Transaction Dependency

Transaction Dependency

Source of Dependency

A transaction id is generated when a transaction is published to a Blockchain Node. The id allows tracking of the transaction status.

The transaction id can be used as dependency for future transactions.

Set Dependency

Dependency is set with dependsOn ( (opens in a new tab)).

A single transaction id is referenced. The dependency is not required to processed yet. It can be pending or yet unknown on the network.

Waiting for it …

The transaction pool is checked on each new block. If a transaction dependency was fulfilled, it moves into pending status.


Transactions will expire if their dependency stays unknown for a defined number of blocks ( (opens in a new tab)).

If expired, the transaction will:

  1. appear as “stale” transaction
  2. not cost gas

Expired Transaction

Unfulfilled Dependency

If the depending transactions is reverted the dependency is unfulfilled. The transactions depending on it are not executed.

The dependent transactions will:

  1. be removed from the transaction pool
  2. not appear as failed transaction
  3. not cost gas

Fulfilled Dependency

A dependency is fulfilled if the transaction becomes known and successfully included into the blockchain.

Dependent transactions are executed in the next block.

The result is identical to:

  1. a user waiting for a known transaction id to be confirmed on one block
  2. and submitting a new transaction



To demonstrate dependencies a test contract was published on the TestNet:

pragma solidity ^0.8.4;
contract TestDependency {
    mapping(address => bool) allowedUser;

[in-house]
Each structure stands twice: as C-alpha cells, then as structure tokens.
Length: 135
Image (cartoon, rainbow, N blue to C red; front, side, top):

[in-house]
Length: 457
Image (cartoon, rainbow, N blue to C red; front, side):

// reverts if user is not known
    function test() public {
        require(allowedUser[msg.sender], "Caller is not allowed");
    // needs to be executed before test() works
    function addMyselfToAllowedUser() public {
        allowedUser[msg.sender] = true;

Source Code:\ (opens in a new tab)

The test() function requires addMyselfToAllowedUser() to be run first. A simple example on a transaction depending on another one.


The Sandbox demonstrates how dependency works by calling the test functions with and without dependency.

With dependency

addMyselfToAllowedUser() is added to the transaction pool and test() is called with dependsOn set to the first transaction. To stretch the test window additional four test() calls are depending on each other.

All transactions are immediately added to the transaction pool when the button is clicked.

With dependency you see that transactions are executed after each other in the next block.

Without dependency

Without dependency the same transactions are submitted immediately as well. All transactions are executed in the same block. Some of these transactions may fail because the order is not enforced to allow the user first.


Sandbox-Link: (opens in a new tab)

If you check the blockchain-explorer you will see that future pending transactions are not available until their dependency is actively in processing.

To remove distractions random wallets are generated on each run and fee delegation is used.

ERC20 Example

Another example more true-to-life is this ERC20 example where an approval is required before tokens can be spent:

Sandbox-Link: (opens in a new tab)

Read more

Learn more about the backgrounds and details here: